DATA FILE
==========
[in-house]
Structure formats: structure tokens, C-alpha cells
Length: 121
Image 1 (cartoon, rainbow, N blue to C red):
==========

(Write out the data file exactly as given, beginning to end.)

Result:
[in-house]
Structure formats: structure tokens, C-alpha cells
Length: 121
Image 1 (cartoon, rainbow, N blue to C red):